Kristen M. Clark

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N.D. finally has U.S. attorney nominee

By Kristen M. Daum

kdaum@forumcomm.com

 

Bismarck attorney Timothy Purdon will be nominated as the next U.S. attorney for North Dakota today, multiple sources familiar with the process told The Forum on Wednesday.

 

Mayville attorney Bill Brudvik, who was one of several nominees for the post, confirmed the news, as well as several other sources who requested anonymity because they did not have the authority to share the information.

 

President Barack Obama is expected to officially announce the nomination today, sources said.

 

Once nominated, Purdon would then need Senate confirmation before being sworn in – a process that can take several more months.

 

Purdon declined to comment Wednesday, saying: “We may talk again in the near future but, right now, I’m not in a position to comment on that.”

 

Purdon, an attorney with the Vogel Law Firm in Bismarck, also serves as the state’s Democratic National Committeeman.

 

He had not yet resigned that post as of Wednesday afternoon, said DNC regional spokesman Frank Benenati.

 

According to Federal Election Commission records, Purdon has donated nearly $12,400 to North Dakota Democrats and national politicians and committees since 2000, including:

 

• $2,250 to Sens. Byron Dorgan and Kent Conrad and Rep. Earl Pomeroy.

 

• $2,300 to Obama’s 2008 presidential campaign.

 

• $5,343 to the Democratic-NPL Party.

 

Purdon was among a handful of names previously mentioned as possibilities for the post of North Dakota’s chief federal prosecutor.

 

Others mentioned included: Brudvik, Assistant U.S. Attorney Janice Morley of Fargo, Bismarck attorney Rebecca Thiem, and Fargo attorney Jasper Schneider, who has since been appointed by Obama to serve as North Dakota state director for USDA Rural Development.

 

Thiem has contributed more than $6,000 since 1997 to Democratic causes. Schneider has contributed $750 to Pomeroy since 2006. Brudvik and Morley had no record of federal contributions.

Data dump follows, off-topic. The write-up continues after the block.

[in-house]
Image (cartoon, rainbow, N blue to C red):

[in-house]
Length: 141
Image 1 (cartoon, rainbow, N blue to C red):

Brudvik said he is not familiar with Purdon’s legal career but is aware of his active participation in the Democratic Party.

 

“When President Obama said he wanted to restore the independence and dignity of the U.S. attorney’s office, in light of the Alberto Gonzales fiasco,” Brudvik said, “and then appoints a political activist and party fundraiser, it seems a little to me more like ‘politics as usual’ than ‘change we can believe in.’ ”

 

Brudvik, a former Democratic-NPL candidate for North Dakota attorney general, said he had no knowledge of ever having been vetted for the U.S. attorney position.

 

“When I heard that the competition was someone who was a party activist and a fundraiser, I basically made the decision to move on with my life,” he said. “All I knew how to do is practice law and I don’t have those political connections.”

 

Purdon’s law practice focuses on criminal defense, personal injury and consumer fraud litigation.

 

Recently, Purdon was one of four lawyers who worked on a class-action lawsuit against the city of Fargo, which agreed to pay up to $1.5 million for traffic fines exceeding those allowed by state law.

 

After attending the North Dakota State College of Science and Minnesota State University Moorhead, Purdon earned a law degree from Hamline University in St. Paul.

 

Lynn C. Jordheim has served as North Dakota’s acting U.S. attorney since September, when Bush appointee Drew Wrigley resigned.

 

As of Wednesday, 34 U.S. attorneys out of 93 positions nationwide had been confirmed by the Senate and sworn into office, according to the Department of Justice.

Feb. 4, 2010 • News • Page A1, A6

Democratic Party activist chosen; announcement expected today

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